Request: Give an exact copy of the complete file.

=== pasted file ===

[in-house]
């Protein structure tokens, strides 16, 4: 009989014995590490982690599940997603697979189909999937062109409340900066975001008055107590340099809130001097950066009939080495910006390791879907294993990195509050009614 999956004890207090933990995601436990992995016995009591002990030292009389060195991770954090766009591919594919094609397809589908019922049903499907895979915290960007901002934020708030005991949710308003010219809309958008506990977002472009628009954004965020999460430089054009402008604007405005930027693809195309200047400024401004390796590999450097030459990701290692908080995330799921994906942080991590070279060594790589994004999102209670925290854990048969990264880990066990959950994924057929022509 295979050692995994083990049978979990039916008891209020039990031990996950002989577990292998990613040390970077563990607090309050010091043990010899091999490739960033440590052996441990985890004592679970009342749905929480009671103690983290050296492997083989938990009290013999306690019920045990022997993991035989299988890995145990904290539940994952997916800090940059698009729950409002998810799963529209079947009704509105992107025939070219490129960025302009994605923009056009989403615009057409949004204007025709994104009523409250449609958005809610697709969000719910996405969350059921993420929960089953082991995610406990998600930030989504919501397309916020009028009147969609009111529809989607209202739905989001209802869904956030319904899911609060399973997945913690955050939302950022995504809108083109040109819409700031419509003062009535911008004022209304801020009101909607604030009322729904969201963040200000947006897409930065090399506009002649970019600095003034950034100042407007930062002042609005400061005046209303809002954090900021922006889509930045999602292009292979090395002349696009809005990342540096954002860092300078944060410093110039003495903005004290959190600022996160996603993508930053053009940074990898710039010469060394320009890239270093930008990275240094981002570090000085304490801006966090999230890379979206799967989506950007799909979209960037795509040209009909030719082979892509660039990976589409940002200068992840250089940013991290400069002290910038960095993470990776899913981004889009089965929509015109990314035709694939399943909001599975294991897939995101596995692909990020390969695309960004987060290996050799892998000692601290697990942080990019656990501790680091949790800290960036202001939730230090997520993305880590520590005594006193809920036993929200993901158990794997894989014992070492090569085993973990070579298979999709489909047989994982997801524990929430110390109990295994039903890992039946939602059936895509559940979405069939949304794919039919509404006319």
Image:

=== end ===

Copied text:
[in-house]
């Protein structure tokens, strides 16, 4: 009989014995590490982690599940997603697979189909999937062109409340900066975001008055107590340099809130001097950066009939080495910006390791879907294993990195509050009614 999956004890207090933990995601436990992995016995009591002990030292009389060195991770954090766009591919594919094609397809589908019922049903499907895979915290960007901002934020708030005991949710308003010219809309958008506990977002472009628009954004965020999460430089054009402008604007405005930027693809195309200047400024401004390796590999450097030459990701290692908080995330799921994906942080991590070279060594790589994004999102209670925290854990048969990264880990066990959950994924057929022509 295979050692995994083990049978979990039916008891209020039990031990996950002989577990292998990613040390970077563990607090309050010091043990010899091999490739960033440590052996441990985890004592679970009342749905929480009671103690983290050296492997083989938990009290013999306690019920045990022997993991035989299988890995145990904290539940994952997916800090940059698009729950409002998810799963529209079947009704509105992107025939070219490129960025302009994605923009056009989403615009057409949004204007025709994104009523409250449609958005809610697709969000719910996405969350059921993420929960089953082991995610406990998600930030989504919501397309916020009028009147969609009111529809989607209202739905989001209802869904956030319904899911609060399973997945913690955050939302950022995504809108083109040109819409700031419509003062009535911008004022209304801020009101909607604030009322729904969201963040200000947006897409930065090399506009002649970019600095003034950034100042407007930062002042609005400061005046209303809002954090900021922006889509930045999602292009292979090395002349696009809005990342540096954002860092300078944060410093110039003495903005004290959190600022996160996603993508930053053009940074990898710039010469060394320009890239270093930008990275240094981002570090000085304490801006966090999230890379979206799967989506950007799909979209960037795509040209009909030719082979892509660039990976589409940002200068992840250089940013991290400069002290910038960095993470990776899913981004889009089965929509015109990314035709694939399943909001599975294991897939995101596995692909990020390969695309960004987060290996050799892998000692601290697990942080990019656990501790680091949790800290960036202001939730230090997520993305880590520590005594006193809920036993929200993901158990794997894989014992070492090569085993973990070579298979999709489909047989994982997801524990929430110390109990295994039903890992039946939602059936895509559940979405069939949304794919039919509404006319």
Image: